Ageless supermodel Cindy Crawford turns 50 next year, and her early birthday present to herself is a new book entitled ?Becoming.? Her book features life lessons and chronicles moments and pictures from her career. Lifestyle sat down with her at 1 Hotel & Homes South Beach to find out where she is at this stage of her life, if she has any regrets and who she has become.
By Angela Caraway-Carlton
Lifestyle: Time has been kind to you. What has been the hardest part of aging so far?
Cindy Crawford: Here?s the thing, you see little physical changes; I feel good when I exercise and eat right. I don?t want to focus on the negatives. I think Nora Ephron wrote in her book, ?10 years from now you?re going to wish for that self.?
L: Do you wish for your old self when you see your daughter, who?s your mini-me?
C: I don?t think she?s exactly my mini-me, but in a lot of ways she resembles me. I always tease her because of her hair. She doesn?t have to do anything to it and it looks perfect when she wakes up in the morning. And I?m like, ?Give me my old hair back!? I didn?t appreciate it back then, and she doesn?t appreciate it at 14 either. Again, it?s not until later that you think, ?Why didn?t I appreciate my hair when I didn?t have to do anything to it??
L: You posed nude for Playboy, would you pose nude at 50?
C: I posed nude last year, but I wouldn?t do Playboy now. Why torture my 16 year- old son? But I won?t say that I?ll never do a nude again.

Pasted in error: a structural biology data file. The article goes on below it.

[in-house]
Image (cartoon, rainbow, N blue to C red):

L: What about your daughter. She?s modeling now, would you allow her to pose nude?
C: I think all my husband and I can hope for Kaia is that she makes decisions when she is on her own, that she knows enough to listen to her inner voice.
L: Your book is called ?Becoming.? Who have you become at 50?
C: I am a wife, a mother, a businesswoman and a model in the sense that when I?m in front of the camera, I?m still very comfortable. I like working, especially if I have a good rapport with a photographer. I like helping them tell a story. That?s what fashion to me is. But I?m a friend, I?m a sister and a daughter. Sometimes, I sit by myself and read a good book, too.
L: Do you have any regrets?
C: I didn?t always take advantage of opportunities because I felt intimidated. There were times when I was invited to do things, and I thought, ?Maybe I?m not going to fit in? or ?They?re all so sophisticated.? Inside all of us is a little insecure kid. Today, I would say, ?Just do it anyway.?
L: What is your favorite photo in ?Becoming??
C: Every single photo in the book is a favorite. I was able to narrow it down to 150 out of the hundreds and hundreds of thousands images of me. I honestly couldn?t pick one.
L: What do you like to do when you visit South Florida?
C: The main thing we like to do is just be outside. We?ll wake up, take a long walk… and we want to eat outside any chance we can. We like to try new things. We went to Makoto at Bal Harbour Shops, Matador Room at the EDITION and Beachcraft here at the hotel; I like to be able to walk home after dinner.
L: Do you really use your skin care line Meaningful Beauty?
C: Absolutely. I have facials, I exercise, I try to get enough sleep; I take care of myself. But my daily skin care routine is Meaningful Beauty.
L: And you?re still changing the beauty line?
C: The great thing is that whenever I?m like, ?Dr. Sebagh, my skin is changing and I need a little more brightening or I need firming,? we can add. As my skin ages ? and our core audience?s skin ages ? we try to add more efficacy to the product.
L: At 50, what do you want everyone to know about you?
C: I wrote this book for myself, and really wanting to share my life. But at some point, if you?re happy with yourself, then if people love it, that?s great. If they don?t, that?s OK too, because I did what I wanted to do. That is one of the gifts of getting older. You realize the first person you want to please is yourself. ###